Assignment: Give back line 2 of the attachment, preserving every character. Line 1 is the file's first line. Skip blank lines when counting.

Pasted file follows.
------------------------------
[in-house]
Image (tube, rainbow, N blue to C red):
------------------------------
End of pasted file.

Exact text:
Image (tube, rainbow, N blue to C red):